This legislation was inevitable. It doesn't take a genius to look out across the airline landscape and see more airlines lining up at the bankruptcy entrance. The common thread is that each one would be looking to use bankruptcy to dump their pension plans onto the PBGC. The painful reality is that this load would cause the collapse PBGC requiring a massive (think of billions...lots of billions) bailout.

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Monday, April 11, 2005

NEWS: United Airlines Asks For Re-Org Deadline Extension

United is requesting an additional two months to complete and gain approval of its reorganization plan. And why shouldn't the bankruptcy court grant the extension because trying to get all of this worked out over the last two and a half years is really too much to ask isn't it? Anyway, this is another one of those extensions to the exclusivity period for United to present it re-org plan. During this period no other competing re-org plans can be presented.

You should really click on over to this article in the Rocky Mountain News because it has an good laundry list of all the reasons that the deck is stacked against United's successful exit from bankruptcy.

Here's the Cliff Notes version:

Leases: Still wants to renegotiate lease rates on about 100 aircraft
Pensions: United say cutting them saves $640 million/year. Unions are greatly opposed to the move to the point that they may strike if it happens
Concession: Mechanic (AMFA) and Machinists (IAM) still have not come to agreement on cost cutting deals with the unions. Just because the airline can terminate their contract via the bankruptcy court doesn't mean that its the best move.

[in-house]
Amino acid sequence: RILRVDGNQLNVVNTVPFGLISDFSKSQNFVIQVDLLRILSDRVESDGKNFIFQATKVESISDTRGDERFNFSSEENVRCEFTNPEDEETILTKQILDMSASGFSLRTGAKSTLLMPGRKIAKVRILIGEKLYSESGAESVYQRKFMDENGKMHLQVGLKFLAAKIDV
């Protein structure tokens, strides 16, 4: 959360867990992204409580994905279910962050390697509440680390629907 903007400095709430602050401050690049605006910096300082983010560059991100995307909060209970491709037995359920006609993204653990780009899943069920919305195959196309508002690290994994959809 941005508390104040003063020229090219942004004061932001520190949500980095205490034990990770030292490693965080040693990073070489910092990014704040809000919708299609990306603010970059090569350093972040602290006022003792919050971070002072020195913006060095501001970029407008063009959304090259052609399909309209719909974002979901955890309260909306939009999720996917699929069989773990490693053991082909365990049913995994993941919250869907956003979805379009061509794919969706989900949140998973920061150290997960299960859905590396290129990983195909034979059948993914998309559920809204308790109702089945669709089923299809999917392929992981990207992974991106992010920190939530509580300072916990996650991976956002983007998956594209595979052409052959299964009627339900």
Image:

Exit Financing: Estimates are $2-$2.5 billion to support their bankruptcy exit. The fact that anyone, no...strike that..., at least four investors are considering putting this kind of money into United leaves me speechless.
Business Plan: Airline consultant Michael Boyd says it best
"What United doesn't have is a morale problem or a service problem," said Mike Boyd, an Evergreen-based aviation consultant. "They excel in those areas, and even people at other airlines would probably tell you that. But their strategic direction is as weak as can be."

Thanks Michael...well said.

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OPINION: 1st Quarters Ends with No Major Liquidations

OK, I was wrong. Not one of the airlines on my death watch went out of business, merged or otherwise ceased to be in the first quarter. United Airlines, US Airways, Hawaiian and Aloha are all still some fashion. Heck even Independence Air is still in the game. I still maintain that it will happen but I severely underestimated the glacial speed at which airlines grind to a halt.